In our next staff thought piece by the team at Fight for Peace, our Safeguarding Lead, Sérgio Prata addresses the commonness of stop and searches among young people in our communities, and how we can help support them in understanding their rights and respond in the best way.
Our thought pieces are a series of articles written by Fight for Peace team members and young people, and are a way to share thoughts and perspectives on important issues impacting our communities.
“It’s essential that the police don’t abuse their powers. When they do the stop and search, in practice they should read the rights of the individual and there’s a framework they must go by.
It usually has to go on facts, evidence and investigation; and all of that needs to be explained to the young person. That doesn’t always happen, and young people need to be educated on that.
If you’re talking about a crime that has happened, there are certain powers the police have to stop any young person that fits the description. If they believe the information, or actually see you about to commit a crime then you can be stopped. This is a soft topic, as there are lots of innocent young people who have never been involved in crime and are being stopped.
Normally young people won’t trust the police and that has a big impact because some of those people are affected by crime, and they need the police to help them; it’s a catch 22.
There can be a general lack of faith in the system, and this could be a result of publicly reported level of racism and sexual crimes within the force which all comes to the public eye; and we see our young people affected by it.
I think the question is education, collaboration and respect. At the end of the day officers are doing their jobs and the more you’re cool about it, the better chances you have of getting out of the incident with no consequences.
But you need to know your rights, including what they can take away from you – like a jacket; they may have to go through a different procedure. For example, going to the police station if you have to be searched by somebody of the same gender. All these processes young people need to know about, so when they are in these situations they are aware of their rights.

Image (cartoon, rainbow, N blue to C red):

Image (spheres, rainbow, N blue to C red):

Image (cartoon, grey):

I would advise young people to keep calm and collaborate. You’re not going to win if you become disrespectful or offensive, you guide their hands. So if you have your knowledge about your rights you can be confident in yourself and it will be okay.
As youth practitioners we can do more; in the past we’ve brought non uniformed officers into Fight for Peace and organised a football match with our staff, young people, and officers. Something simple like this can help them get involved in community events and build relationships directly with young people, especially in areas where young people are affected by crime and violence.
It’s about having officers act like a role model themselves, seeing the kids and understanding the environment they are in and trying to help find solutions. I think it’s the safest way to go, to come into the space with open arms and be willing to build those relationships with the community and parents.
I’d like for the good police officers to come forward when they see colleagues not complying with the law, and file complaints as they’re the ones that are training the whole force. And secondly, is of course them realising they cannot do it themselves and they need to work in partnership.
If young people have sufficient knowledge about their rights, and are allowed to exercise their rights without resistance, if they comply with the police officers in the most respectful manner, and the end result is a healthy and respectful human to human exchange between both parties, I believe everybody wins.
And if the police officers uphold their oath and act with the highest level of professionalism and standards, respect, and honour the integrity of young people then I believe they will conquer many minds and hearts of young people and the general public.”